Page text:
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Replies to: The New Ph.D.s

  • boneh3adboneh3ad Forum Champion Engineering Posts: 7,516 Forum Champion
    That's not surprising. The uptick in doctoral graduates likely reflects the large group of students who would have entered graduate school at the height of the Great Recession when graduate admissions were up.
  • juilletjuillet Super Moderator Posts: 12,709 Super Moderator
    ^This. The people who finished in 2015 likely started their PhDs between 2008 and 2010, at the beginning through the height of the Great Recession. I finished in 2014 after beginning in 2008, and although I didn't start graduate school because of the recession - the brunt of it hit actually a few months after I had already committed, and long after I'd already made my decision - I do remember being very glad that I'd decided to go to grad school.

    I wonder whether a one percentage point change in the percent of PhD graduates who were U.S. citizens or nationals is actually a significant difference, statistically? It certainly isn't a meaningful one.

    Also interesting is how many had committed to jobs post-degree, and how that was less different by field than you'd expect. Fully 30% of math and computer science PhDs did not have postgraduate plans yet, which is far higher than I would've expected. In fact, the number of psychologists and social scientists with postgraduate plans already set is functionally pretty much the same for math & computer science doctorates and 10 percentage points more than the engineering PhD recipients. (Although maybe the engineers just have so many good competing offers that they simply don't know what to do with themselves? Lol.)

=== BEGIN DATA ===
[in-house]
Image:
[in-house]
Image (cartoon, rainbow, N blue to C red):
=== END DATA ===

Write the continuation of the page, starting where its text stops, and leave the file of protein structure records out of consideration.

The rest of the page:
Michigan is really good at attracting African American PhD students. They have all kinds of events for black PhD students and a pretty active black graduate student network there. Have to say, though, it's kind of sad that Walden U tops that list.
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